COOPER: It's in weeks like this when our hearts have opened as wide as our eyes. We realize a fundamental truth all too often ignored: We are all the same. Our faces differ, so too our religions and beliefs, but there as here, we work, we study, we laugh, we mourn. Life is life, and when it's lost, we found this week that sometimes words simply aren't enough.



UNIDENTIFIED MALE: Jesus Christ, look at that!

UNIDENTIFIED MALE: Get in! Get in! Get in.

UNIDENTIFIED MALE: We were absolutely certain that we were going to die.



COOPER: That little girl, Supai Tulasi (ph), a baby new year, gives us hope for a place where there is so much hurt tonight. I'll spend later this evening in Times Square, a few hours of revelry, and then tomorrow morning leave for Sri Lanka. I, like so many of you, want to be there.

For the next hour, we won't talk about the tsunami, we'll look back at the year that was, at Iraq and elections, and all that's happened in between. It's hard to believe that just a year ago, we were preparing for the Iowa caucuses. Candidates like Lieberman and Gephardt and Kucinich still thought they had a chance. And an unknown named Howard Dean had yet to rise and yet to fall.

Here's a look back at a campaign like no other. Campaign 2004 in fast forward.


WOLF BLITZER, CNN ANCHOR: Welcome to the start of a huge night at U.S. politics.

HOWARD DEAN, FORMER DEMOCRATIC PRESIDENTIAL CANDIDATE: This is all about who gets the most delegates.

SEN. JOSEPH LIEBERMAN (D), CONNECTICUT: It's up to the voters now.

ANNOUNCER: This is America Votes 2004, coverage of Super Tuesday.


DEAN: I am no longer actively pursuing...

SEN. JOHN EDWARDS (D), NORTH CAROLINA: I've decided to suspend my campaign.

LIEBERMAN: Am I disappointed? Naturally.

REP. RICHARD GEPHARDT (D), MISSOURI: God bless everybody.

SEN. JOHN KERRY (D), MASSACHUSETTS: Change is coming to America!

I'm reporting for duty!

GOV. ARNOLD SCHWARZENEGGER (R), CALIFORNIA: Don't be an economic girlie man.

GEORGE W. BUSH, PRESIDENT OF THE UNITED STATES: I ask you to stand with me. JIM LEHRER, DEBATE MODERATOR: And as determined by...

BUSH: Saddam Hussein was a grave threat.

KERRY: Now we have this incredible mess in Iraq.


COOPER: There were plenty of October surprises, making the race too close to call, even on Election Day. Our Candy Crowley and John King were on the campaign trail with both candidates. When America voted, they watched the results trickle in like everyone else, and even as clock struck midnight nationwide, we still didn't know the outcome.


ANNOUNCER: This is CNN's live coverage of America Votes 2004.

CANDY CROWLEY, CNN SR. POLITICAL CORRESPONDENT: Once the polls open, the conventional wisdom in the democratic campaign, and in fact among most journalists was, the larger the turnout, the better it is for John Kerry.

JOHN KING, CNN SR. WHITE HOUSE CORRESPONDENT: Early in the morning on Election Day, the Bush team felt great. It would change in short order.

BUSH: Thank you. Let me go vote first.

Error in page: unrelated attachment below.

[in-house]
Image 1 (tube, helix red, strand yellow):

KING: Their mood went from night to day when they saw the first wave of the exit polls. They were thrown into this period of uncertainty. And it was only when the votes, the actual votes started coming in that they started to feel better.

BLITZER: Right now, we can project that George W. Bush, the president of the United States, will carry several states.

KING: Not panic anymore. From when they saw the first wave of the exit polls when they thought that Senator Kerry was going to win in a landslide.

CROWLEY: I am told by people who were with Kerry at the time that he knew pretty early on, once the polls started to close, that things were rolling against him. The biggest first blow was Florida.

Ohio was it. The election came down to Ohio, as 2000 came down to Florida.

BLITZER: Look at this, Ohio. CNN is now projecting is a green state. Too close to call.

BUSH: We're very upbeat. Thank you.

KING: Former President Bush was in the White House. He kept awake and kept staying up, and we're going to go give a speech, we're going to go give a speech, we're going to go give a speech. (UNINTELLIGIBLE) at one point went down and found him glued to the TV, watching the results. He said, damn it, dad, go to bed.

CROWLEY: Shortly after 12:00, I am told Senator Kerry went to bed. Meanwhile, there were aides all over the place in Washington and in Boston making as many contacts as they could in Ohio, to try to figure out what was going on there.

BLITZER: It's getting a little bit wider as opposed to what the Democrats hoped for would get narrower.

CROWLEY: When they sat down and figured it out and saw where the gap had gone overnight and had widened for Bush, they knew that the votes were not there.

KING: If Senator Kerry had decided at that point that he was not going to concede the election, the president was prepared to go out that morning and say, I believe I have won the election. But then Senator Kerry did call. The president thanked him for the phone call, and again, by all accounts, Senator Kerry was remarkably gracious in the phone call. These are two men who did not like each other.

CROWLEY: There were two times that I saw John Kerry be emotional through the entire campaign. One was when Christopher Reeve died, and the other was his concession.

KERRY: I wish that I could just wrap you up in my arms and embrace each and every one of you individually, all across this nation. I thank you from the bottom of my heart.

CROWLEY: They will spend years discussing what went wrong and who is to blame.

KING: In his morning-after speech, and in every event after that news conference, the president immediately saying, I have political capital and I'm going to spend it. In there was the snapshot of how much he is driven and shaped by his father's experience. Because if you ask this President Bush what his father's biggest mistake was, he will say that his father won the first Gulf War, had a 91 percent approval rating, had enormous political capital, and then didn't spend a dime. And got beat. Because he essentially rested on his laurels. That's why this President Bush thinks his father lost the election.